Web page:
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A Way To Find The Day . Mapstation


staubgold 29
2002. cd . lp

"A way to find the day" is the first full-length album of Mapstation and it comes along as a flamboyant soulful piece of music. While the previous release 12" "New direction" (staubgold 24) managed to raise high expectations, "A way to find the day" picks up the tension and gives way to 43 minutes of attentive and curious dynamics, rhythmic irrealities and gently warm disorder - including two stunning collaborations with reggae singer Ras Donovan.

Mapstation is the imprint of Stefan Schneider (To Rococo Rot). His music is closer to minimalist techno but brings the euphoria of the genre together with charming slow-downs of pace and bpm.

“To Rococo Rot's Stefan Schneider is ‘Mapstation’, the solo project in which the bassist focuses more on the layering of electro sounds and textures. At times minimalist in approach, this third disc continues in the direction of an interesting compositional style. The introduction of what at first appears as simple sounding ideas are subtly built upon using various rhythms, synth patches and digital found sounds until they have formed a beautiful soundscape.

Each of the disc's eleven tracks has a unique development and outcome. ‘Two Landscapes’ opens with deep and lilting synth tones which act as a percussive element while various patches drift in and out stating a general melody and motif. ‘More People Than Two’ is comprised of a lullaby-sounding repetitive keyboard with a bassline that weaves nicely into the mix of ethereal chords and distant pulses. Reggae singer Ras Donovan guests on the tracks "New Direction" (released as a 12") and "Wake Up," which could be seen as minimalist dub, maintaining the rhythmic keyboard of the style. This is definitely one for the headphones.” (Gord Fynes, Brainwashed)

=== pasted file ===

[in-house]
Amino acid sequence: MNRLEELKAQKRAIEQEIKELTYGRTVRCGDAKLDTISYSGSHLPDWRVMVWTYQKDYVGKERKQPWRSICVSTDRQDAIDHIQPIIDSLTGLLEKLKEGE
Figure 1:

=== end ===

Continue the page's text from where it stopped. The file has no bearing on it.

In 1999 Stefan Schneider (To Rococo Rot, Kreidler) discovered the possibilities offered by the arpeggiator mode of his analogue synthesizer, directing patterns of random notes to the oscillators to create unpredictable pulses, distortions, superb disorder.

To approximate the spontaneity and chaos of real life, Schneider decided to take a step back as composer and let the machine make most of the musical decisions.

Soon, the resulting simple basslines began to seep into Stefan's occasional DJ sets - at the time mostly a blend of electronic sounds (1950's - Detroit techno) and a capella versions of reggae 12" singles - and finally turned into a complete live set.

In early 2000 the owner of notable London-based label Soul Static Sound, Darryl Moore (D), asked Stefan to record a self-titled mini album, which was released a few months later during a UK tour with Vladislav Delay. On the strength of this recording Stefan was approached by minimalist electronics label Staubgold, who later relocated from Cologne to the German capital of Berlin, and their fertile partnership lead to three consecutive albums between 2001 and 2003.

On 'A Way To Find The Day' (2002) Schneider decided to explore his take on contemporary reggae music (he considers it a form of electronic music) in a collaboration with singer Ras Donovan. Introduced by their mutual friend Bernd Jestram of Tarwater, whose studio expertise both had previously relied on, Donovan and Schneider later continued their exploration of uncharted territories with “Version Train” (2003), which featured abstractions of their previous set in the Jamaican 'versioning' tradition. Despite the fact that tracks like 'New Direction' or 'Stand me Stand' were obviously carried by Ras Donovan’s plaintive voice, Schneider never intended to compete with the genre’s Caribbean originators, but instead pursued his very own imaginary and decidedly non-authentic take on reggae music.

In late 2003, another fruitful alliance saw the light of day, triggered by a remix request by Leeds musician Meriel Barham (a former member of the Pale Saints who had already released a stunning album on Cologne-based label Karaoke Kalk as Kuchen), a request Stefan rejected in favour of a collaboration based on sending each other musical sketches on mini disc. After two years of postal exchange Meriel and Stefan finished their “Kuchen Meets Mapstation” album at the Tarwater studio in Berlin.

“Version Train” and “Kuchen Meets Mapstation” were followed by plenty of live shows and a tour all over Europe, Siberia and Algeria.) The album ‘Distance Told me Things to be Said’ was released on Scape, and contributed to the Jukebox Buddha compilation.